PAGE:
Students with one dose living in residence will also have to receive their second dose “within the timeframe recommended by Ottawa Public Health.”

People who haven’t been granted an exemption and don’t get vaccinated or submit proof of having done so by the deadlines set out by the school will have their residence agreements terminated, uOttawa warns.

“Medical and health professionals are clear that vaccination is the most (effective) means of protecting people and those around them,” reads a statement provided to this newspaper by uOttawa’s director of strategic communications, Patrick Charette.

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“It is precisely for this reason that the University of Ottawa is requiring all students living in residence for the 2021-2022 academic year to be fully vaccinated. The University recognizes that some students may require accommodations for a variety of reasons and will be treating exceptions appropriately.”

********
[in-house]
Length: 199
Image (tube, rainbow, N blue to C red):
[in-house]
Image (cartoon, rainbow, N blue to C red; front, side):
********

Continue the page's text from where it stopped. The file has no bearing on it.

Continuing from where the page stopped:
Faculty, staff and students are also strongly encouraged to get vaccinated, the statement notes.

“Ensuring a high vaccine coverage in all communities is critical to ensuring an ongoing decline in cases and ending the pandemic. This will be especially important with the return of students to post-secondary institutions in our region in the fall of 2021.”

Neither Carleton University nor Algonquin College is currently mandating vaccination for students living in residence, according to the websites for both schools. But uOttawa isn’t alone in its policy – Western University, Trent University, Durham College and Fanshawe College have all implemented similar requirements. Seneca College, in the GTA, is going even further, making vaccination mandatory for students and staff to come to campus, in-person, for the fall term.